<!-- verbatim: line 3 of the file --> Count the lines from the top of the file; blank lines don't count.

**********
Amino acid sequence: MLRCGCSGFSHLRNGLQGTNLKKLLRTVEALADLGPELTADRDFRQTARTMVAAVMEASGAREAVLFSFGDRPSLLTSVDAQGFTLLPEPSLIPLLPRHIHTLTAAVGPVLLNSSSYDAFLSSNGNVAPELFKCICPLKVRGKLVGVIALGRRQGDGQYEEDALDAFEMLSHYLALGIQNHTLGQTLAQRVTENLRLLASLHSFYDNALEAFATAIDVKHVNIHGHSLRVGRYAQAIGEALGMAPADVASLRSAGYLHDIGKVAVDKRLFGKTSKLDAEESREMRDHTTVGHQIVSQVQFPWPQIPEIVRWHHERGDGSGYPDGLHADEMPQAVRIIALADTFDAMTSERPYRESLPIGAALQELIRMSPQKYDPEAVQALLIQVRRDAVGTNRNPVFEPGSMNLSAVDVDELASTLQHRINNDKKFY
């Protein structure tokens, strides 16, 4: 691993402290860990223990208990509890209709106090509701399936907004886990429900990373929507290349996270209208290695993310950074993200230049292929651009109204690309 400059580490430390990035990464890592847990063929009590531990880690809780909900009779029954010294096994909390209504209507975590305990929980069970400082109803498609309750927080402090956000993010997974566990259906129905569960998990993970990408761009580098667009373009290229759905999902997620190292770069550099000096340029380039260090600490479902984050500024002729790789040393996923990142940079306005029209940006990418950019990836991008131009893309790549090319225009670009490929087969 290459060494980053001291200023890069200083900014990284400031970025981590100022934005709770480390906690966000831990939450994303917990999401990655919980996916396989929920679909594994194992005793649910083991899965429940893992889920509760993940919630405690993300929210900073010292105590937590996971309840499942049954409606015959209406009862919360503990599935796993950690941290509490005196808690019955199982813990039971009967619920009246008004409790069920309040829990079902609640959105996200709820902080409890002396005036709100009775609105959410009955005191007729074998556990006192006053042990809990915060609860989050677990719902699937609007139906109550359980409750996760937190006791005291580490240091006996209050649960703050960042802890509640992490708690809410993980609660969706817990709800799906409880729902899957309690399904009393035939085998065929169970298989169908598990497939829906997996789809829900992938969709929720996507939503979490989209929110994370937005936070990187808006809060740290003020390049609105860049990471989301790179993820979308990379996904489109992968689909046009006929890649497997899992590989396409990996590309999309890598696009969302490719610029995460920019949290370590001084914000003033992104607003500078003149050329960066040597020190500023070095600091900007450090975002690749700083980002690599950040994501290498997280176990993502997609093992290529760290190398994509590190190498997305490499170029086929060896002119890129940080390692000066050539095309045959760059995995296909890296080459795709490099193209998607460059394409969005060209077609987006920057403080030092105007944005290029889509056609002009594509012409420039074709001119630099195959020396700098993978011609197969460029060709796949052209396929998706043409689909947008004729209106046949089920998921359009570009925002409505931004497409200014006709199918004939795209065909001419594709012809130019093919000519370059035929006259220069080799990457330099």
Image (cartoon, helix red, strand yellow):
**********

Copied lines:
Image (cartoon, helix red, strand yellow):